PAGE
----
“He took bread…”

Tonight marks the beginning of the Paschal Triduum, with the Maundy Thursday or Holy Thursday Mass.[1] This year the Paschal celebration will be very different, as churches across the globe is closed. But what we can do today, as many people plan to watch streamed celebrations of Mass on social media, is to reflect on what the Eucharist means for us, also when we are in the middle of a pandemic. First, I want to quote the Psalm for tonight’s celebration, 116:1-2, 12-19 (according to the Revised Common Lectionary), before I reflect on how ‘online celebrations’ of Mass actually have value for those who watch them.

Now, let’s turn to Psalm 116:12-16:

1 I love the Lord,
because he has heard my voice and my supplications.
2 Because he inclined his ear to me,
therefore I will call on him as long as I live.

12 What shall I return to the Lord
for all his bounty to me?
13 I will lift up the cup of salvation
and call on the name of the Lord,
14 I will pay my vows to the Lord
in the presence of all his people.
15 Precious in the sight of the Lord
is the death of his faithful ones.
16 O Lord, I am your servant;
I am your servant,
the child of your serving-maid.
You have loosed my bonds.

This Psalm is part of the Hallel (Psalms 113-118) which is sung during the Passover Seder or Passover Meal. And this Psalm is sung specifically in conjunction with the blessing for the fourth cup.

But how can ‘online celebrations’ have any effect on us? In her seminal work on the liturgy, After Writing: On the Liturgical Consummation of Philosophy, Catherine Pickstock notes that the Eucharistic celebration is not for the individual alone but is a communal celebration. She cites a rhetorical question supposedly posed by Martin Luther (but actually from British cleric and Protestant reformer Thomas Becon): “Can my eating slake your hunger?”[2] The claim made by Becon is that your eating of the sacrament cannot do me any good. But this is a very individualistic understanding of liturgy. The mere fact that liturgy is being celebrated on our behalf – even if we cannot be there physically – is beneficial. Yes, we cannot partake at the moment, and that is a loss, but we can still remain assured that priests all over the globe is celebrating on our behalf and that Christ’s sacrifice is lifted up.[3] Therefore, let us tune in tonight – on Facebook, YouTube, or wherever – and let us pray together with those who celebrate on our behalf.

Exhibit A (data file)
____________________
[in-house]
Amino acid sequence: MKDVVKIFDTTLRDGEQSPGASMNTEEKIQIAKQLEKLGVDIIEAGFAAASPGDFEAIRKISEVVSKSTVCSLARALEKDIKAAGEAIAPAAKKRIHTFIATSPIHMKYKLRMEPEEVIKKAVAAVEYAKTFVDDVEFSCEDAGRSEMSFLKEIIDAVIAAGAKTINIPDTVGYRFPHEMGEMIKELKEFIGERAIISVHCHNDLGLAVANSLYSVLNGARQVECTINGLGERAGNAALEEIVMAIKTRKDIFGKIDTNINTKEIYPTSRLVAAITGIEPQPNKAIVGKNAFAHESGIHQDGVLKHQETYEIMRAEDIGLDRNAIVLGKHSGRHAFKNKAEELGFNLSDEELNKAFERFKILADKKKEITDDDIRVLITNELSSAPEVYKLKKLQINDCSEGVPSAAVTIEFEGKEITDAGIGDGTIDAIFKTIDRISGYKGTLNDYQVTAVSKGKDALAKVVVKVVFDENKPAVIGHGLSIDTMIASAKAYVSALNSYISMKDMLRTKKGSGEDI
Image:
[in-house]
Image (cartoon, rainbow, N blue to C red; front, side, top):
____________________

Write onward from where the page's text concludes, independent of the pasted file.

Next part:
And as we do so, we can pray this simple prayer of spiritual communion from the Confraternity of the Blessed Sacrament (found at this resource for praying at home, p.8, produced by the Anglo-Catholic Church Union and the Society under the patronage of S. Wilfrid and S. Hilda):

My Jesus, I believe that you are in the Blessed Sacrament. I love you above all things, and I long for you in my soul. Since I cannot now receive you sacramentally, come at least spiritually into my heart. As though you have already come, I embrace you and unite myself entirely to you; never permit me to be separated from you. Amen

Notes:

[1] ‘Maundy’ refers to the foot washing (from the Latin mandatum, ‘command’ in Vulgate version of John 1:34). In Norwegian we call it ‘skjærtorsdag.’ Skjær means ‘clean,’ coming from the Norse word skíra.

[2] Pickstock (After Writing, 155-156, n.122) cites an article by John Bossy, “The Mass as a Social Institution 1200-1700” (Past & Present, No. 100, 1983, 29-61, here: 44). He cites Martin Luther: Selections from His Writings, ed. John Dillenberger (Garden City, NY: Doubleday, 1961), 283. The quotation, however, is not found there but is found in Thomas Becon’s “The Displaying of the Popish Mass,” 280, found in Prayers and Other Pieces of Thomas Becon, S.T.P., ed., Rev. John Ayre, M.A. (Cambridge: The Parker Society / Cambridge University Press, 1844), 253-286. Also see Seymour Baker, “Becon, Thomas” (in Oxford Dictionary of National Biography).

[3] For a Lutheran argument for a sacrificial understanding of the Eucharist, see my article.

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